AUGUSTA — A bill that received preliminary approval Thursday in the Maine House of Representatives could put Maine an hour ahead of East Coast states for part of the year, though there is a growing movement among neighboring New England states to do the same.
Under provisions of the bill that advanced as a result of preliminary votes Thursday in the House of Representatives, Maine would do away with daylight saving time and shift to the Atlantic Standard Time Zone year-round without a statewide referendum. As a result of procedural House votes on Thursday, the move would not require approval via statewide referendum.
LD 203 would exempt Maine from federal provisions observing Eastern daylight saving time for eight months of the year and move Maine to the Atlantic Standard Time Zone year-round. Practically speaking, that would put Maine an hour ahead of other eastern states, into the time zone shared by Puerto Rico and Canada’s maritime provinces, for part of the year.
The move would also give Maine more daylight in the afternoon and evening during the winter months instead of setting the clocks ahead for daylight saving time.
In a tie vote Thursday morning, the House of Representatives rejected a bid to send the question to referendum, contingent on whether Massachusetts and New Hampshire approve the change. Some House members argued a referendum could cost too much.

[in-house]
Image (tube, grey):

The fiscal note on the bill indicates that the referendum could cost up to $100,000 if it causes the secretary of state’s office to need a second ballot for the November election.
The House then voted 85-59 to adopt an amendment that would move Maine to the Atlantic Standard Time Zone without a statewide vote — but only if Massachusetts and New Hampshire also vote to switch time zones.
The New Hampshire House already approved a change and the Senate is considering it. As conceived, the New Hampshire change would be contingent on what Massachusetts does.
Massachusetts is in the midst of studying the change. Connecticut and Rhode Island are also considering the change.
The federal Uniform Time Act allows states to decide whether they participate in daylight saving time, though a change requires approval by Congress or the U.S. Department of Transportation.
The bill now heads to the Senate for consideration.
The Lincoln Mill tower in Biddeford